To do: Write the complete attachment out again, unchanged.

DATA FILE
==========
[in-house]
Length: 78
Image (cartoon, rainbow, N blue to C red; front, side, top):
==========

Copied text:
[in-house]
Length: 78
Image (cartoon, rainbow, N blue to C red; front, side, top):